His determination and talent have helped make Japan the world leader in the development of bipedal robots. Expected to debut first as toys and entertainers at sports and other events, they could eventually prove themselves useful at tasks such as aiding the elderly or handicapped.
Takanishi made his first breakthrough in 1986, when he wrote the algorithms needed to program a robot to walk without toppling over. More recently, he helped Sony Corp. (SNE
) jump-start its own humanoid project. Last November, after three years of secret collaboration with Takanishi's lab, Sony unveiled the SDR--Sony Dream Robot--which can dance, perform acrobatics, and play soccer. In the next few years, says the engineer, "Sony's SDR will create a major family entertainment market in Japan."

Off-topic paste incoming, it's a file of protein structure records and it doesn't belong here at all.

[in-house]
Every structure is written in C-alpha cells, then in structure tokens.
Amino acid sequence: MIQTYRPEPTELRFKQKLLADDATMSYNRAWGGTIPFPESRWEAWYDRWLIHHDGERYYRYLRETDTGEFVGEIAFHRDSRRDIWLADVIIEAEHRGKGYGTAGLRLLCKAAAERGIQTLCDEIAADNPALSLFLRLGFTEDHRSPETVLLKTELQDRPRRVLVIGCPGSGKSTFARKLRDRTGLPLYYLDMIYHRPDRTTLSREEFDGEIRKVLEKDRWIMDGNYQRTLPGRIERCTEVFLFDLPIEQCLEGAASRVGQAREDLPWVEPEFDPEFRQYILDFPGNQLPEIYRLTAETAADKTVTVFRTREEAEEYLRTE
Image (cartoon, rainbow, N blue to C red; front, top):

Takanishi's research on robots for practical uses is just as important. For example, he developed a talking robot and is now conducting voice-simulation research for medical applications. His chewing robot has helped a medical university team develop a treatment for patients suffering from lockjaw. And he's gearing up to work on a new venture--a house specially designed for robots that can do useful chores. With a home for his bots, Takanishi may move a giant step closer to achieving his childhood dream.